As the Curiosity rover continues its decade-long journey across Mars’s Gale Crater, it’s finding a trove of curiosities on the planet’s igneous rock face.
In a image taken on February 24, Curiosity used “the equivalent of the geologist’s hand lens” to document what looks like a water lily, piece of coral, or sprig of broccolini. The “Martian flower,” as NASA’s Jet Propulsion Laboratory referred to it in a mission update, likely stemmed eons ago from a flow of mineralized water. Mars researchers think that the surface of Gale Crater has been dry for 3 billions years now—but that it might contain groundwater under several layers of sediment.
A closer analysis of the botanic-seeming deposit could reveal the substances carried by that water. “Curiosity has in the past discovered a diverse assortment of similar small features that formed when mineralizing fluids traveled through conduits in the rock,” the NASA post reads. Previous samples taken by the rover have tested positive for complex carbon molecules like benzoic acid, nutrients like ammonia, and key earthly elements like phosphorus and sulfur. “Taken together, the evidence points to Gale Crater (and Mars in general) as a place where life—if it ever arose—might have survived for some time,” the Curiosity team wrote in a separate mission update.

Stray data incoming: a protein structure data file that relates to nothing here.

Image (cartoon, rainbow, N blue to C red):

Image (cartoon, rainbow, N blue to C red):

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When it’s not too busy capturing faux flora, Curiosity is snapping Ansel Adams-style portraits of the laminate Mars landscape. The rover is using two of its 17 cameras to take mosaics of the jagged skyline from the Greenheugh pediment (located near the center of the Gale Crater at the base of Mount Sharp). Those images aren’t just for scrapbooking: They’ll come in handy for gauging solar tau, which is the amount of sunlight that filters through the Red Planet’s atmosphere, and the levels of dust in the air.
Meanwhile, farther northwest in the Jezero Crater, the much newer Perseverance rover is about to set off on a dual voyage with its miniature helicopter companion, Ingenuity. The two robots will take alternative routes to reach the Octavia E. Butler Landing Site, where NASA completed a tricky touchdown last February. From there they will explore a barren river delta, and take wide-angle images and videos with a camera similar to Curiosity’s.